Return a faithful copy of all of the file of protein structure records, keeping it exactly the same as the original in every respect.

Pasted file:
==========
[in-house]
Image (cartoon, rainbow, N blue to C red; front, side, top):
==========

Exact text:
[in-house]
Image (cartoon, rainbow, N blue to C red; front, side, top):